Elbs reaction

What is Elbs reaction?

The thermal decomposition of o-methylbenzophenones was previously studied by Behr and van Dorp in 1873 and Ador and Rilliet in 1878, but it was Elbs who extensively investigated and developed this reaction, which is now known as the Elbs reaction or Elbs pyrolysis.

Elbs reaction - general reaction scheme - Elbs pyrolysis
Elbs reaction

The Elbs reaction involves intramolecular condensation of diaryl ketones with a methyl or methylene substituent ortho to the carbonyl group, leading to the preparation of polyaromatics, particularly anthracene. This reaction is usually carried out by high-temperature pyrolysis without the need for a solvent or catalyst, and sometimes accompanied by the elimination of substituents like fluoro, methyl, and methoxy.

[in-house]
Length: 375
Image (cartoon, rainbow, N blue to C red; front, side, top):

However, this method may not be ideal for preparing polyaromatics with substituents, although it is the fastest and most cost-effective method for synthesizing parent polyaromatics. The Elbs reaction is thought to involve hydrogen transfer, and the yield can be improved by periodically removing the formed anthracene derivatives from the reaction zone.